California Court Upholds Restrictions on the Prosecution of Minors in Adult Criminal Court

Proposition 57 was enacted by California voters in November, 2016. The proposition eliminated the ability of a district attorney to file charges directly with a California criminal court for minors who were 14 years or older when they allegedly committed the crimes. Senate Bill 1391 (SB 1391), which was passed in 2018, further limits a district attorney’s ability to prosecute minors in criminal court.

In a recent case, after the Superior Court of Solano County blocked the prosecution of a 14-year-old defendant in criminal court, the District Attorney of Solano County filed suit against the court, arguing that SB 1391 was inconsistent with the intent of Proposition 57. Generally, in California, juvenile courts have jurisdiction over offenses allegedly committed by minors. However, prior to Proposition 57, there was a presumption that minors 14 years or older were unfit for the juvenile justice system, and were required to be charged in criminal court for certain crimes. District attorneys had the discretion to charge minors 14 or older directly in criminal court for other cases.

Under Proposition 57, minors can only be tried in criminal court if a juvenile court judge conducts a transfer hearing, considering various factors. District attorneys can request transfers to the criminal court for minors 16 years or older facing any felony offense, but district attorneys can only request transfers for 14 and 15 year olds for certain violent offenses. Proposition 57 was passed in order to concentrate resources on dangerous criminals, “while rehabilitating juvenile and adult inmates and saving tens of millions of taxpayer dollars.”

Senate Bill 1391, which was passed in 2018, further limits the district attorney’s ability to prosecute minors in criminal court, by prohibiting the prosecution of 14-year-olds and 15-year-olds in criminal court in almost all cases. SB 1391 went into effect January 1, 2019, and eliminates a district attorney’s ability to request the transfer of 14- and 15-year-olds to criminal court, except if the minor was “not apprehended” before the termination of juvenile court jurisdiction.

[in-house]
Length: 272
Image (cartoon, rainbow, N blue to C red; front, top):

The appeals court found that SB 1391 was consistent with Proposition 57’s stated goals. The court considered the stated purpose of Proposition 57, which included to “[r]equire a judge, not a prosecutor, to decide whether juveniles should be tried in adult court.” It found that SB 1391 furthered Proposition 57’s goal of promoting juvenile rehabilitation, and that it does not take away from Proposition 57’s stated intent.

Have You or Your Child Been Charged with a Crime?

If you have been charged with a crime, or your minor child has, it is important that you meet with a California criminal defense attorney as soon as possible. Pleasanton criminal defense attorney John W. Noonan has experience in criminal and juvenile court cases, and has over 45 years of experience in criminal law. He understands the nuances of criminal law and is prepared to fight for and defend his clients. The California Penal Code and the criminal justice system can be complex and understanding the ins-and-outs is essential. Attorney Noonan represents clients charged with all types of crimes, including California sex offenses, drug crimes, and weapons charges. To learn more, and to speak with an attorney today, call us at (925) 886-4281, or fill out our online form.

Related Posts
  • California Court Reversed Juvenile’s Adjudication Based on Altercation with School Peace Officer
  • California Court Upholds Probation Condition Allowing Search of Electronic Information at Any Time
  • California Appellate Court Vacates 40-Year Sentence Under Proposition 57